Hello 2011!

So, I’m not typically someone who makes big lists of resolutions, but this year, I’m determined to tackle a real quilting resolution for myself. I’ve been making quilts for over 10 years now, but I have yet to really take on machine quilting. This year I want to make learning how to free motion quilt a priority.

lots of pins

For a long time I’ve neglected to put something I made on our bed, mainly because I’m afraid Hudson will ruin it. He sleeps on the bed at night and has a tendency to spread dirt around liberally (eww). Recently though, I found out that I have some major allergy issues with the dog and cat, as well as with dust mites. I need to be able to wash all parts of our bedding weekly, but the comforter we were using is too big to fit in my washer.

Instead of buying a new quilt (seems stupid for someone who can quilt) I figured it was time to make one. I had the majority of these blocks made and I finished it off last week. I just kept thinking that it was going to stink to spend all that time hand quilting something that is sure to end up with dog slobber and dirt…a pretty unhappy end to a quilt that I’m sure I’d spend months finishing.


I’ve wanted to try free motion quilting for so long now, but I’ve been worried that I’d just end up wrecking a full quilt. Perfect for a quilt that’s going to get used all the time and will probably fall apart anyway, right?

all pinned up

I’m starting this project out, not expecting a whole lot from my first attempt at this. I’m tired of only really being able to hand quilt, and I feel like I could do so much more if I could just tackle free motion quilting. Keep your fingers crossed, and I’ll post progress soon.

6 Thoughts on “quilting resolutions

  1. You can do it!
    I suggest making smaller practise pieces first, to get an idea of speed and stitchlength.
    I am looking forward to seeing your progress!

  2. I went from hand-piecing and hand-quilting EVERYTHING, to doing everything on the sewing machine, so I can totally commiserate.
    For FMQ, I’d highly suggest a Super Slider (http://ihavea-notion.com/store/item_64/Free-Motion-Super-Slider.htm), along with a pair of gardening gloves, the kind with the textured fingers and palms – don’t spend $25 on the gloves in the quilt shops. They’re exactly the same thing, just repackaged with a higher mark-up.
    If you’re doing straight line quilting, a walking foot will be your best friend!
    Good luck with your FMQ adventure!

  3. Good luck! You might want to check out the Free Motion Quilting Project blog:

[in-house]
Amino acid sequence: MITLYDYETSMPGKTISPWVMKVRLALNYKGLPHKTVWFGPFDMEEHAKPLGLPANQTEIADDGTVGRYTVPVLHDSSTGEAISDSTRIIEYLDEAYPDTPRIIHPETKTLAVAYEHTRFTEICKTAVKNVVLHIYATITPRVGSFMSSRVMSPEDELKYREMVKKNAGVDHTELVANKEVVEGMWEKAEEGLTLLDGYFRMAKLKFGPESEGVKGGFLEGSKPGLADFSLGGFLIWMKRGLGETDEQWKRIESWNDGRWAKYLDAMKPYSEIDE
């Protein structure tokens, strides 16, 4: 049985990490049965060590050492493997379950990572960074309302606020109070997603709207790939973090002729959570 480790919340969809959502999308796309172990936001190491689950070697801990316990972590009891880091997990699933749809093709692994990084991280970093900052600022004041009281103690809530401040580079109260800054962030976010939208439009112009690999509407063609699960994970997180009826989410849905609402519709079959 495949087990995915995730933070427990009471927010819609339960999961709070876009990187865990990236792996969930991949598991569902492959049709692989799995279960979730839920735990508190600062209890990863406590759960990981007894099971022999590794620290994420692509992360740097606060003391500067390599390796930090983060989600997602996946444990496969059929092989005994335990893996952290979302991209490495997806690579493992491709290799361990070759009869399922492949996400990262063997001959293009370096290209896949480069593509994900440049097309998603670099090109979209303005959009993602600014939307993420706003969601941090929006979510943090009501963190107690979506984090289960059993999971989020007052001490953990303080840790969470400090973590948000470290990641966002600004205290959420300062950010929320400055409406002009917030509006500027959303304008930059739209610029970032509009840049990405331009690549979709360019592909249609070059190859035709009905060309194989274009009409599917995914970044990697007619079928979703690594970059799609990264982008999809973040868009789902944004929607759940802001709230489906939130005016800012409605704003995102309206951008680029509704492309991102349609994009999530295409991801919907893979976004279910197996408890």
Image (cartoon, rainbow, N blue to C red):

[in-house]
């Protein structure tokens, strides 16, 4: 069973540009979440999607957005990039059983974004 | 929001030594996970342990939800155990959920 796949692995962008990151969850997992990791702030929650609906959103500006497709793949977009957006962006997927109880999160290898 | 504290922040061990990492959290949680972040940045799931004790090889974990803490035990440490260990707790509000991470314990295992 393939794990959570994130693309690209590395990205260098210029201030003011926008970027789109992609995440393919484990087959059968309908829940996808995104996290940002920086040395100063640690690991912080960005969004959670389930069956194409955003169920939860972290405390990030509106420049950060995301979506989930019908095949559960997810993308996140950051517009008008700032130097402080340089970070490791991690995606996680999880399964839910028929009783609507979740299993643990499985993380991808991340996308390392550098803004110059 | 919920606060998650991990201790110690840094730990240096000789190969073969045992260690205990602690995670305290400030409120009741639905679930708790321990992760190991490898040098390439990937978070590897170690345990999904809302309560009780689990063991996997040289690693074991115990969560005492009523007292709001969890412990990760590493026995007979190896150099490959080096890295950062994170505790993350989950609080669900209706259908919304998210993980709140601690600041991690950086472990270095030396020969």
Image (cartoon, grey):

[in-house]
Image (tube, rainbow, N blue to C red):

She is working her way through 365 different free motion filler designs. Some adapt well to larger, allover patterns. She includes videos of each, so you can see her technique.
    Also, if free motion is more than you want to tackle on this large quilt, consider straight line quilting instead. With a walking foot, a quilting bar, and some blue tape you can make a beautiful design out of straight lines. Check out Freckled Whimsy’s blog for some examples:
    (Karrie does a great job with straight line quilting).

  4. Love the colors:)
    Just go for it, I just did a twin size for a friend’s daughter and used FM. I thought it was soo fun even though my stippling wasn’t perfect. Who cares! There isn’t any perfection in FM that’s for sure:) Just get in there and have fun with it!!

  5. I’m looking forward to seeing your experiences. I need to explore this area too!

  6. I tackled free motion quilting just a few months ago, and I’m so glad I did! My “practice” quilt was a lap-sized one that’s probably going to end up at Goodwill… the blocks were ones I’d started several years ago, and by the time I got around to looking at it again last year, my tastes in color and fabric had changed quite a bit… perfect for practicing, since I didn’t care too much about the end product. It only took me about 2-3 hours to finish, and I felt so much more confident about free motion quilting by the time I was done. Shortly afterward, I was able to tackle a queen size quilt for my sister and was surprisingly very pleased with the results. All that to say – I totally affirm the value of a practice quilt, and I know you’ll catch on quickly and be so glad you tried it!
    I feel silly posting this, because I imagine that you’ve most certainly already seen it, but this post from Amanda Jean was endlessly helpful to me; I still refer back to it:
    If nothing else, it’s a good reference for others who will read your blog and have an interest in free motion quilting.
    Lastly, for what it’s worth, I backed another recent quilt with a solid, bold color (blue) and free motion quilted in white thread (so as not to distract from the front of the quilt, the majority of which was a white background, similar to yours. My consistency in stitch length is still far from perfect, and it’s so very obvious against a solid, colored background. You may not find the same thing with yellow; I’m not sure. But I just bought a patterned fabric to back my next free-motion-quilted quilt… should disguise my stitches a lot more.

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